Champ is simplicity itself to make and is the greatest comfort food imaginable – except maybe for its close relative, Colcannon.

This is food for a cold winter’s day, a dish to nurse a cold or to mend a broken heart – whatever ails you will not seem so bad when you tuck into a great bowlful of Champ.

It is also a very good accompaniment for many dishes, especially for any grilled (broiled) meat. This recipe is the exact version used to make the (short lived!) bowl of Champ pictured here.

It’s so simple it barely counts as a recipe!

Traditional Champ Recipe

  • 2 lbs (0.9kg) potatoes, or about 4-6 large potatoes (‘old’ potatoes or russet potatoes are best, waxy potatoes won’t do)
  • ½ cup ( 4 fl oz, 125 ml) milk
  • 1 stick (4oz, 120g) butter, divided into two parts
  • 5-6 scallions (green onions), chopped
  • Salt & Pepper
  • Fresh Parsley

Yes, I know it is a lot of butter, but you really cannot skimp with champ!


Peel and boil the potatoes until they are quite soft.

When the potatoes are done, drain and return the saucepan, with the drained potatoes in, to a low burner, leaving the lid off so that any excess moisture can evaporate. When they are perfectly dry, add the milk to the saucepan along with half the butter and the chopped scallions. Allow the milk to warm but not boil – it is about right when the butter has fully melted into it and it starting to steam.

With a potato masher or a fork mash the potatoes thoroughly into the butter/milk mixture. Do NOT pass through a ricer or, worse, beat in a mixer as it will make the potatoes gluey and disgusting.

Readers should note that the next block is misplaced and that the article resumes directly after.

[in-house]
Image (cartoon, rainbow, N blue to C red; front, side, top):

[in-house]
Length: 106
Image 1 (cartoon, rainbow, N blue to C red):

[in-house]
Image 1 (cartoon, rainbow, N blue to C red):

Mix the scallions thoroughly through the mashed potato. Season to taste with salt and pepper.

Before serving sprinkle with fresh chopped parsley. Most importantly, make a well in the centre of the potato in each serving and put a good pat of butter in it to melt.

Eat by dipping forkfuls of potato into the melting well of butter. The world will seem a better place.

Published: November 15, 2008 | Updated: March 31, 2017

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  • Padraig says:

    Growing up in Sligo I never heard it called “champ” only mash or amongst the older people “bruisie”. It was only much later when Paul Rankin came along that champ started appearing everywhere

  • tricia says:

    gre at to hear of someone who actually makes the proper differance between champ and collcannon, and as for the parsly everyone throws it in if they hav it growing. I love your recipes.

  • Dominic Magliocco says:

    OK, my  name is Italian but I am half Irish, born and dregged up in Belfast with an Irish granny who could cook the socks of anyone.
    Just two wee things.
    At 51 years old I have never seen anyone put parsley in champ.
    If you lightly beat the spuds, potato, with a wooden spoon the well become smooth and creamy. They will only go gluey if you over do it.

    • Katherine says:

      You are right about parsley – it’s just I have it growing in the garden so I just tend to throw a handful into lots of things!

  • MIranda says:

    I love how you say, “The world will seem a better place.”  This is so true after making and eating Champ.

  • […] with mashed potato or Champ. Parsley sauce or mustard sauce goes well with this. var addthis_pub="dochara"; Tags: […]

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